This sermon is part of the sermon series "Fruit: It Does a Body Good". See series.
On Dec 5, 1914, Ernest Shackleton embarked on what he called "the last great polar expedition." His goal was to cross Antarctica by dogsled—an uncharted journey of 1,500 miles across the most inhospitable terrain on earth. His crew of 27 was handpicked from a field of 5,000 applicants. The ship that would carry them there was named Endurance. For six weeks they fought their way through frigid seas and ice floes trying to reach the continent, until finally their ship became frozen into the ice pack. There was nothing to do but hunker down for the winter and wait for the spring thaw to release the ship. After ten months in their wooden icebox, spring finally arrived. But instead of releasing the vessel, the shifting ice floes crushed it to pieces.
At this point, Shackleton gathered his men and announced his new mission: to get every man home safely. With the ice pack breaking up, they set up camp on a giant ice floe, hoping the current would carry them toward Paulet Island, where they had provisions stored. Shackleton devoted every waking moment to preserving his men's health, morale, and unity. Day after day he walked from tent to tent, checking on each man. When spirits began to sag, he would order the cook to come up with some hot drink, or call for a talent show.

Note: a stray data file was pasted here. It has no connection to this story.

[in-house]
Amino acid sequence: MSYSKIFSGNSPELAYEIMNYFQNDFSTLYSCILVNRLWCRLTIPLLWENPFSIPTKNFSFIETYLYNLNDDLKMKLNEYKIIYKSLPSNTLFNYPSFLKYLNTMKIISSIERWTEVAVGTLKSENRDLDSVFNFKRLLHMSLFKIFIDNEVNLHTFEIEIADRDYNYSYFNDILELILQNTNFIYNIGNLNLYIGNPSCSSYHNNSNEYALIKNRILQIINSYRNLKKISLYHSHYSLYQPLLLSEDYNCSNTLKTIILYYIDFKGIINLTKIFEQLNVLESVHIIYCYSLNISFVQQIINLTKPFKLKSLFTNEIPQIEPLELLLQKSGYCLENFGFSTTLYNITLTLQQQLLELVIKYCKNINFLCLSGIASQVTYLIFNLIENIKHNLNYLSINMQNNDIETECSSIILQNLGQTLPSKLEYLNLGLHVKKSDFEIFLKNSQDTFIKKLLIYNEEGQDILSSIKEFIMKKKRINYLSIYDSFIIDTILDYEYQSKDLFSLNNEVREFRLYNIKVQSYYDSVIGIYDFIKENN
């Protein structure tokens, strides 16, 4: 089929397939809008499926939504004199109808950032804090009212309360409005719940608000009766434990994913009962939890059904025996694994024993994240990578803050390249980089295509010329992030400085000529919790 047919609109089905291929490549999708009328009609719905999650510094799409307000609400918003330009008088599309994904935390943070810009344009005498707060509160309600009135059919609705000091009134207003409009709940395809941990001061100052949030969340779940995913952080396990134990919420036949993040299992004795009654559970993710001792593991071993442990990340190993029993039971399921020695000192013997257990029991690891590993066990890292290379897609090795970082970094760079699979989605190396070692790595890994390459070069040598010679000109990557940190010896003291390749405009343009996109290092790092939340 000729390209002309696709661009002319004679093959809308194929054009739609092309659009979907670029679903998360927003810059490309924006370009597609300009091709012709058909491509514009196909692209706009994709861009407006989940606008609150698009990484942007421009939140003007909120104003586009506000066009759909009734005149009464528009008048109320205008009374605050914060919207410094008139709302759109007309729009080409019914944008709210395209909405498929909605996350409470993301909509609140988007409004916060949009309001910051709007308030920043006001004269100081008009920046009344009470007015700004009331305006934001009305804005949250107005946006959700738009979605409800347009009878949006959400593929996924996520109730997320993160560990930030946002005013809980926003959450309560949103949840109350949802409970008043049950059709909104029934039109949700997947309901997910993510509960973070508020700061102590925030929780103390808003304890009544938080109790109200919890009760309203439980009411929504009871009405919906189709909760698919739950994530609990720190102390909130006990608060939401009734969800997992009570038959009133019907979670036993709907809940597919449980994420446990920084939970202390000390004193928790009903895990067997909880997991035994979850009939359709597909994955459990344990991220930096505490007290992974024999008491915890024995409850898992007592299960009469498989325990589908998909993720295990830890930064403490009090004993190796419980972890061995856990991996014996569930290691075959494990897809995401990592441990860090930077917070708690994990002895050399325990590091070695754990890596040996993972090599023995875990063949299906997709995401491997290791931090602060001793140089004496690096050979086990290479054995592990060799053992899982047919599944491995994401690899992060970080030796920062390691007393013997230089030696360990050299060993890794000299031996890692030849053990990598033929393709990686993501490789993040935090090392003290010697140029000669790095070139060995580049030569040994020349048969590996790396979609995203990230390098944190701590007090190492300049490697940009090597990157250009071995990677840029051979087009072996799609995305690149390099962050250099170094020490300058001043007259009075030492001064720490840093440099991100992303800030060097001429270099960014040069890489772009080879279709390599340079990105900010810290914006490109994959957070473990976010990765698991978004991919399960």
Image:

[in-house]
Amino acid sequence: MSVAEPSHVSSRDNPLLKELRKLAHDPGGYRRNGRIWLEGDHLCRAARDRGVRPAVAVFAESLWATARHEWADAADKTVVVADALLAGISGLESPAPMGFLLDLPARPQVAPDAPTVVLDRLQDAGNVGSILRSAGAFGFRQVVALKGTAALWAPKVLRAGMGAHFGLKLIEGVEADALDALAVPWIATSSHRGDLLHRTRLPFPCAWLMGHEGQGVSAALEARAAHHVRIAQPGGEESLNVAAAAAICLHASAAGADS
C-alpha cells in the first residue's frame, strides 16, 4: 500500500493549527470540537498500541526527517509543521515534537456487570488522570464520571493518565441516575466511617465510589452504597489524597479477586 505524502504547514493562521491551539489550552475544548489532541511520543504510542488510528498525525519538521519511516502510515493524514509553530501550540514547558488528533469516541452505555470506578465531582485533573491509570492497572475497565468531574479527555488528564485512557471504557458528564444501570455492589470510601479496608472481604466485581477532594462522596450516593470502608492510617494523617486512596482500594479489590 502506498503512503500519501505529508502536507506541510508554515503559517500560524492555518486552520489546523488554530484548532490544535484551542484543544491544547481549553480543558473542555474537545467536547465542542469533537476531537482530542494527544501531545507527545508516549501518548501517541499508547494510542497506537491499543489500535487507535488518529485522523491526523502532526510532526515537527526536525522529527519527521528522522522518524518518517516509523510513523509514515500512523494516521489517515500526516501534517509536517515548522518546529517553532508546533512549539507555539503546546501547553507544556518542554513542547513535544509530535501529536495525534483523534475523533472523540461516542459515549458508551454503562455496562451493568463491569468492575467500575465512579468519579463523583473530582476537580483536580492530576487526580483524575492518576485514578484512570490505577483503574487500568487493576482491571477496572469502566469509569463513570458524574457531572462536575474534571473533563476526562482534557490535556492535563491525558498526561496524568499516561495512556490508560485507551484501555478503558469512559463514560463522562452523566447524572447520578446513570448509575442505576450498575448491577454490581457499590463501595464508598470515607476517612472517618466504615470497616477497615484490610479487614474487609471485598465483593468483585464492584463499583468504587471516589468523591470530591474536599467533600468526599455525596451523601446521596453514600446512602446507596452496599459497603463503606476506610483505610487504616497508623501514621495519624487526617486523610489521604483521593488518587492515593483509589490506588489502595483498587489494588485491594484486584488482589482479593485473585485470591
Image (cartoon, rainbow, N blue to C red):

When it became apparent that the floe was carrying them out to sea, Shackleton ordered the men into three lifeboats they had preserved from the Endurance. After seven harrowing days and nights fighting powerful currents, freezing rain, and massive icebergs, they made it to an uninhabited slab of rock called Elephant Island.
For the first time in 497 days, they set foot on land. But they were far from safe. Elephant Island was far from any shipping ...
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